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Leonardo Magnani: The Voyage 2014

Tracing the steps of Charles Darwin for the sake of expansive public art pieces

by David Graver
on 10 April 2014

In his four years traveling the globe, Charles Darwin filled notebook upon notebook of observations and experiences—enough source material for the scientist to pen "On the Origin of Species." Now, Florentine artist Leonardo Magnani hopes to retrace those steps, traveling to the Galapagos Islands to create a visual diary of everything that unfolds. While he doesn't plan to author a scientific study on evolution, he does intend to use the inspiration for large-scale murals in megacities around the world—delivering his unique angle of a first-hand encounter with nature to the industrial and urban. Proposing "drawings as the main language," Magnani has launched a Kapipal crowdsourcing page to fund the endeavor's next stages.

LeonardoMagnaniBird1.jpg LeonardoMagnaniBird2.jpg

This is the second iteration of Magnani's voyages. Last year, the artist traveled from London to Ushuaia, Argentina before developing five large-scale murals during a residency in Buenos Aires. The 2013 experience was funded by the Ministro della Cultura Italiana, Italy's culture council. Each of the works—from the sketches in his pad to his hand-drawn murals—yielded a raw, rough energy. He spent four months exploring, attempting to trace Darwin's South American steps as closely as possible. From the moment of departure to his completed body of work, an entire year went into making that first voyage a success.

"In terms of traveling those lands, even today, it can be hard. There are a lot of public transportation issues. The roads are quite bad or even non-existent. I had to invent the way," Magnani shares with CH. "I met a caravan traveling from Mexico, going down to Patagonia. I traveled with them for six days. We were traveling very, very slowly." He continues, "You can spend an entire night—even two days—without passing anybody. We needed to have enough food and enough water for the time in between."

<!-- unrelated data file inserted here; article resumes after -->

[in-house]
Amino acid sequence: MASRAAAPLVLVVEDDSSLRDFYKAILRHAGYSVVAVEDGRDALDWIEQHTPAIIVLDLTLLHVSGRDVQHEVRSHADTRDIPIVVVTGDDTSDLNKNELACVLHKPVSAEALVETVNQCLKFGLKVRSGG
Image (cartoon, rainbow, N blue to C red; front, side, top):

As for what drew Magnani to Darwin, he explains: "A few years ago I began to read his works and was really inspired by his writing—especially where he speaks of his travels. I felt close to him and was intrigued by the evolution theory." Through his reading, Magnani felt that he not only received insight about the world, but also Darwin as a young man. This inspiration fueled his work, began to fuel a desire to travel and led to the initiative required for an undertaking of this great scope and scale.

If funded, Magnani plans to head to the Galapagos by way of an internship with The Natural Park through the Charles Darwin Foundation (Ecuador)—one of the only ways to land an extended stay on the islands. Over the course of three months he will immerse himself, explore, volunteer and create. He plans on executing his murals across Florence, London, Venice, Turin, Buenos Aires and São Paolo. There's power in living an experience before conveying it artistically and Magnani recognizes this. Therein, honesty supports his artistic expression—honesty and a sense of historic adventure.

Images courtesy of Leonardo Magnani

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